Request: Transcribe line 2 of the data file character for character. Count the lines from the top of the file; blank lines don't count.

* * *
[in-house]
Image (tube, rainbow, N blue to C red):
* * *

Image (tube, rainbow, N blue to C red):